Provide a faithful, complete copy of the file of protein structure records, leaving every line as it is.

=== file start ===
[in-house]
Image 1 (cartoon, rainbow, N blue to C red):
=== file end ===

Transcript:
[in-house]
Image 1 (cartoon, rainbow, N blue to C red):